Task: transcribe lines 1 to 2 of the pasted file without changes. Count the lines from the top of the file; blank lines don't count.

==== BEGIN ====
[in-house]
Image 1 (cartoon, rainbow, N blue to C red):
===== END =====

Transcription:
[in-house]
Image 1 (cartoon, rainbow, N blue to C red):